Text by Glenn Adamson

Time out by Linus Ersson, catalogue text written by Glenn Adamson, Art Ii – Biennale of northern environmental and sculpture art

If we took a holiday
Took some time to celebrate
Just one day out of life
It would be… it would be so nice”

Has the prospect of a holiday ever struck terror into your heart? Perhaps you knew it would involve sitting in the back of a hot car, getting gradually sick on a long drive, your dad at the wheel. Or days of fishing for trout on a river, with a friend who, you suspected, might well turn out to be boring. Or perhaps you were on your way to a holiday camp: bad food and forced good humor.

If you’ve had such an experience, Linus Ersson would like you to forget it – but only for a moment. He wants to take you to a place where you can leave your worldly cares behind. Once you’re there, he’ll give you the mental toolkit to visualize just how far away you are. Why? Because it just might help you understand where you came from.

Ersson specializes in the art of the heterotopia, a term coined by Michel Foucault that means ‘other place.’ Heterotopias come in many varieties: positive, negative, and ambivalent; prisons, libraries, museums, colonies, and brothels. What all have in common is a suspension of the normal rules of everyday life, leading to both freedom and introspection. They are to space what childhood is to time.

To Foucault’s list, we should certainly add the campsite – a place where even the most basic tasks of eating, sleeping, and defecating take on novel and challenging qualities. Ersson’s sculpture for the Ii Biennale seizes upon this quiet strangeness. He has even given us tools and rules for negotiating this terrain, so ‘natural’ yet so unfamiliar. There are mosquito traps, which both signal and combat the hidden faults of this distant space. And some sound advice, which he sourced online at wikihow.com:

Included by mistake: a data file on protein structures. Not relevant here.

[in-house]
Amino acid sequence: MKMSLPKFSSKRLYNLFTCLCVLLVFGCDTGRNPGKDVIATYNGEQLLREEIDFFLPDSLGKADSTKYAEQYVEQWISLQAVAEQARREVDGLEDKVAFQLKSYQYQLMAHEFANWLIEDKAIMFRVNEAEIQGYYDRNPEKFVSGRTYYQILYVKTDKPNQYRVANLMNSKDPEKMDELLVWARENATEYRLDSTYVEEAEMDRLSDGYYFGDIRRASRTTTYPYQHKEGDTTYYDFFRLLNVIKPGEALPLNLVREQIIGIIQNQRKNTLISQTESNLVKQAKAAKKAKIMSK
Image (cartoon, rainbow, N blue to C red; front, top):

Go outside.
Sit down on a rock, some dry leaves, or simply on the ground.
Close your eyes, and picture in your mind the nature that surrounds you.

It sounds logical enough at first. But isn’t it a bit odd that you have to close your eyes in order to truly appreciate your surroundings? Nature, it seems, is never quite enough. There is always a bit of longing left over. Ersson’s work operates in that space of yearning, that margin where we know we’ve left home but can’t say we’re quite somewhere else yet.

Perhaps this also explains the fact that way out here, in the middle of the woods, when we feel we’ve finally arrived, there is an easel with a painting, which shows a sunset over a beautiful lake that we haven’t yet reached.

They say that half the fun is getting there. That must mean the other half is still to come.

Glenn Adamson
Currently Director of the Museum of Arts and Design (MAD) in New York City
At the the time of writing this text he was Head of Graduate Studies, V&A Museum, London